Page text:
5. Prestige. I’m an immigrant with a very Russian-sounding last name. This means that people always look down upon me from the second they meet me. But that only lasts until I mention that I’m a professor of literature with a PhD from Yale with an active research agenda. Even people who don’t understand what a research agenda is begin to treat me as royalty. As an immigrant, I value status a lot.

6. Husband. After my husband lost his job, he ran the risk of being deported within two weeks. However, as an academic, I am entitled to a visa and green-card sponsorship for me and my immediate family. This is something that no other place of employment would have offered me.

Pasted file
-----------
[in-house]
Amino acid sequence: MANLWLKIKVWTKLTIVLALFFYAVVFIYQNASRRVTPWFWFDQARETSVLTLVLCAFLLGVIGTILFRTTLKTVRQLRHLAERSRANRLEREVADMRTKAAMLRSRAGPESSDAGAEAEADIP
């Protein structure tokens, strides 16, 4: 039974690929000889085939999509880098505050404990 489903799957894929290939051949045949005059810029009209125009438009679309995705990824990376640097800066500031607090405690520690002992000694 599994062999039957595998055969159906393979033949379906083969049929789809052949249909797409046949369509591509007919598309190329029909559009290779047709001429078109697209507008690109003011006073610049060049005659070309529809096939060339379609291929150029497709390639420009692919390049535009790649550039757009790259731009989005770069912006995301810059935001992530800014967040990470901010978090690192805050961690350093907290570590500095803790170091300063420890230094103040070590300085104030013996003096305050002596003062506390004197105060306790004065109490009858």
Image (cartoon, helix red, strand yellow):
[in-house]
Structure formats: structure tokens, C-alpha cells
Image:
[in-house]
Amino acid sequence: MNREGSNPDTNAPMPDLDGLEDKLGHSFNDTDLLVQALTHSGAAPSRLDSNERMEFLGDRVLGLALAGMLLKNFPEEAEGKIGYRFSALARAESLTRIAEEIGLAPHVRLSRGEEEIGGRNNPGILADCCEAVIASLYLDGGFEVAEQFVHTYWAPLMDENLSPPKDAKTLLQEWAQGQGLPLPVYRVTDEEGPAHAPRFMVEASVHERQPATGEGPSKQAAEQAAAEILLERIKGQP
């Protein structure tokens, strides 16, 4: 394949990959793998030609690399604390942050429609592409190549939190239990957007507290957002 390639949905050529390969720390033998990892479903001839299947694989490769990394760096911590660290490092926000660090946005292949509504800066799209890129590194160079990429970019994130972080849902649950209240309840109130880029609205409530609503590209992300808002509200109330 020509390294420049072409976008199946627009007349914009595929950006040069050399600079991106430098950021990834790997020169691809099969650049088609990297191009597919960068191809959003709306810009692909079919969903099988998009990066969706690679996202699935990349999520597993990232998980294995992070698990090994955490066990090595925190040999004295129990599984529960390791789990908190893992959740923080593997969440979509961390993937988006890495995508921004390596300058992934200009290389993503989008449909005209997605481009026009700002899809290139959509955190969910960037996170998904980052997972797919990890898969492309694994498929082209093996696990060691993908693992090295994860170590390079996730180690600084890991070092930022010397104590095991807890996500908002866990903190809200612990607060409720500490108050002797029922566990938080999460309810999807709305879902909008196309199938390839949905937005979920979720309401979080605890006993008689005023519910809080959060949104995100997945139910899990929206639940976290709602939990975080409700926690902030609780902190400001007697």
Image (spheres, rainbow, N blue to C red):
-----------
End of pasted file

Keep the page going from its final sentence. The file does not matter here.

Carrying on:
7. Security. I don’t have tenure yet, so I can potentially be fired. However, I always get informed of whether my contract will be renewed at a specific time during the academic year. This is a completely different situation psychologically than that of any other employee who can be fired at absolutely any moment and without warning. I have seen what the fear of being fired unexpectedly does to people, and I don’t like it in the least.

8. Vacation time. I have no idea how people manage to survive on 11 vacation days per year. This is a mystery I never want to solve. My academic job gives me a chance to rest, enjoy life, travel. Only this calendar year, I will have traveled to Germany, UK, the Dominican Republic, and Canada. If I can’t travel for fun, then what is the point of such a life?